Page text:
Sgt. Dave Jackson, Northeast neighborhoods’ crime prevention coordinator Mary Tompkins and Haley Rayburn, Multnomah County’s assistant district attorney for North and Northeast neighborhoods, joined King in a panel at the September meeting of the Irvington Community Association.
Several residents questioned police response to calls about a man they described as mentally ill who allegedly attacked two residents and had been engaged in nuisance activities for a couple of years.
King expressed understanding about the residents’ frustration, commenting that Oregon’s system for dealing with the mentally ill often seems ineffective. “There is no easy or simple answer to that,” he said.
Another resident said he was upset by people sleeping on the street and strewing garbage about.
“Thank you for being frosty,” King said, adding that he welcomes ideas for how to deal with those situations. “You have to stay frosty. You have to lean into it. You are going to have to work with us on it.”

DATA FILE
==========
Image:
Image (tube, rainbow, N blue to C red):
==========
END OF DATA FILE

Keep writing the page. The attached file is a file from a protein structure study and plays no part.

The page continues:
Asked whether Irvington has an increase in crime or whether social media are exaggerating the perception, Jackson said the media have amplified concerns. A major problem in Irvington is property crimes, including thefts from cars and packages from porches, he said. While that is alarming to the victims, it is unlike neighborhoods dealing with gunshots fired into homes or commercial districts plagued with robberies, the police officers said.
The crime-prevention ideas the panel suggested: get to know your neighbors and exchange contact information, keep garage doors locked, remove backpacks and valuables from cars which also should be locked, and check outside lighting and shrubbery for exterior safety.
Online reporting to portlandoregon.gov helps police track crime patterns, Jackson said. The campsite online reporting form is at portlandoregon.gov/campsite. Information on crime prevention and organizing Neighborhood Watch programs is at 503-823-4064 or www.portlandoregon.gov/oni.